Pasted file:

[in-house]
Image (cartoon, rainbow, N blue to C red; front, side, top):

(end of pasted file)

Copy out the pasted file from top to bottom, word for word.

[in-house]
Image (cartoon, rainbow, N blue to C red; front, side, top):